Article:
There are a fair number of characters in the book, but only two that really get fleshed out. Shaun is the crazy brother, who likes to poke zombies with hockey sticks and generally put himself into mortal danger as long as a camera is rolling on him. He’s goofy, sarcastic and wonderful. The immaturity and silliness that he shows in public is nicely countered by his sensitivity and sincere concern for his sister, Georgia. He’s like a guy from Jackass, but with a hidden gooey center. And he’s really funny.
But it was Georgia who made me love this book. She’s the newsie of the bunch, very dedicated to the truth and her beliefs in journalistic ethics. She’s a great character to live inside of (the book is in first person): sardonic, cynical and just slightly insane with her dedication towards her chosen field. She has ocular Kellis-Amberlee – or essentially “zombie eyes” – that require her to wear dark glasses all the time to prevent permanent damage to the point of blindness. Combine that with her uniform of Kevlar and other pieces of tactical gear and she’s like a little journalistic terminator with her old-school mp3 recorder and bad attitude. If you can’t tell, I quickly became enamored with Georgia to the point that I didn’t care when her inner narration halted the story completely so that she could go on a five page history lesson on this or that disease or rant about society/television media/politicians. I was right there with her and, with my own personal background in journalism, spent a good portion of her journalistic rants thinking, “YES! THAT! That’s how I want things!”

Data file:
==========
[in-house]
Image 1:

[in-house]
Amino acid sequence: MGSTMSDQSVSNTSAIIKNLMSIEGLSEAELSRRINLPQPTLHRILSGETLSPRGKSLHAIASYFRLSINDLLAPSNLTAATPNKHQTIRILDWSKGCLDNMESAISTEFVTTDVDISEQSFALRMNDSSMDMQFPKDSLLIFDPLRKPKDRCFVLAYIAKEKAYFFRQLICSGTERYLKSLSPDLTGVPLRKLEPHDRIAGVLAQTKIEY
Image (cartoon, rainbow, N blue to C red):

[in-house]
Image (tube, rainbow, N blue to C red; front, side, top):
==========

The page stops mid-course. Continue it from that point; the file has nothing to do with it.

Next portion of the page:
But then again I’m a huge geek.